Milwaukee’s been the “Big three” domain since 2004

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We’ll get the historical disclaimer out of the way first: INDYCAR (then IRL) first raced at The Milwaukee Mile in 2004, but the track’s history itself is substantially longer. After all, it is the oldest continually operating speedway in North America, after opening in 1903.

Drivers in this year’s Milwaukee IndyFest have history at the track dating back to 1996 – Tony Kanaan and Helio Castroneves made their first starts at the legendary one-mile oval in the Indy Lights race there that year. Dario Franchitti made his Milwaukee debut in the CART race there in 1997.

But in IRL, then INDYCAR-sanctioned races, only teams from the IZOD IndyCar Series’ generally accepted “Big three” teams – Andretti Autosport, Team Penske and Target Chip Ganassi Racing – have won races at the Mile.

Champ Car did run concurrently at the track from 2004 to 2006, with wins taken by Ryan Hunter-Reay (his second of his career, first on an oval), Paul Tracy and Sebastien Bourdais in those three seasons. Bourdais’ win for Newman/Haas is the last at Milwaukee outside the Andretti, Penske, and Ganassi stables.

Franchitti took the first IRL-sanctioned win in 2004, a career-rejuvenating first win since a back injury suffered in 2003 cost him the second half of that season. Sam Hornish Jr. won in 2005 for Penske, with Tony Kanaan scoring each of the next two wins for Andretti in 2006 and 2007.

Ryan Briscoe scored his first ever, and Penske’s 300th as an organization, win in 2008. Target Chip Ganassi Racing dominated the next two Milwaukee races (Scott Dixon in 2009, Franchitti in 2011), although 2010 the track was temporarily closed as it went through financial straits.

Things came right for Hunter-Reay last year, scoring his second Milwaukee win in the first race promoted by Andretti Sports Marketing.

This year is a pivotal one for the race as it marks the first time in five years that the same promoter has done the event in consecutive years; a second successive win for “RHR” or one by one of his three Andretti Autosport teammates would look good.

ASM is also batting a perfect two-for-two in races it has promoted, as Hunter-Reay won not only Milwaukee but also Baltimore last year.

You’ll notice Castroneves’ name has been decidedly absent from this piece to this point. Milwaukee’s been something of a bogey track for him, and he has yet to better a runner-up finish set in his rookie season of CART, in 1998!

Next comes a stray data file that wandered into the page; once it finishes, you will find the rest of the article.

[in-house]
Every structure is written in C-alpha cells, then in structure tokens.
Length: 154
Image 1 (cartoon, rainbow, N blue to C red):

Castroneves – and the rest of the field outside the “Big three” – will be looking to topple the empire that has thus far reined over Milwaukee in the last decade.

Toro Rosso at crossroads after Kvyat’s point, Hartley’s strong debut

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In a weekend with something to prove at Circuit of The Americas, Daniil Kvyat rose to the occasion with what he called “his best race of the season for sure” at the United States Grand Prix.

But it may not be enough for the Russian to have saved his seat at Scuderia Toro Rosso for the three final races this year.

Meanwhile, New Zealander Brendon Hartley capped off his roller-coaster debut weekend in Formula 1 with a solid 13th place finish after starting from the rear of the grid, learning as the race went on and bringing home his Toro Rosso chassis to the flag.

Toro Rosso faces a dilemma of three drivers available but only two seats to fill for the final three Grands Prix, with the Mexican Grand Prix coming up just next week.

Frenchman Pierre Gasly will be back after missing Austin due to his Super Formula commitments at Suzuka in Japan, but ultimately that went for naught as the races were canceled due to a typhoon.

Kvyat qualified 12th, was promoted to 11th by way of grid penalties and ended 10th, scoring a point for only the third race this year and first time since coming ninth in the Spanish Grand Prix back in May.

It was a weekend where he would have been expected to outdo Hartley, and did so, but not by a massive margin. And he was already coming in with a track time disadvantage, losing out in FP1 as Indonesian Formula 2 driver Sean Gelael ran in his chassis.

As it was, he rated his weekend performance highly and didn’t do his chances of staying in the car any harm.

Speaking to NBCSN after the race, Kvyat said, “Yeah, it was a perfect race. I did everything well. Brought the points home. It was close with (Felipe) Massa.

“We had some energy release issues on the engine. But it was a massive weekend. It was great. I really enjoyed myself. It was a good job by the team to keep it together with very limited running.

Hartley built up confidence throughout the weekend as he learned the car, the Pirelli tires and how an F1 race races versus an endurance race that he’d been used to doing for several years.

Having coming into the weekend with no expectations and just taking the race session-by-session, he felt good at the end of it.

“There’s so many little things to reflect on,” he told NBCSN. “I’ll put the eyes at rest and process it all. I did the standing start and it wasn’t the best… it’s been a long time.

“But yeah, (you’re learning) in terms of following in traffic, what 20 laps on these tires means, how much you can push it. I’m pretty satisfied. The pace was pretty strong. I made the mistake of getting passed by (Lance) Stroll. I couldn’t pass him back. Lots of challenges. I hope I can get another shot at it.

“Up until this moment… I didn’t want to know. I just wanted to do the job. I’m really relaxed. Now there might be some conversations.”

Toro Rosso figures to reveal its Mexican Grand Prix driver lineup early this week.